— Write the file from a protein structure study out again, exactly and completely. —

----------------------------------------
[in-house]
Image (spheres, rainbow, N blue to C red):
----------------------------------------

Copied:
[in-house]
Image (spheres, rainbow, N blue to C red):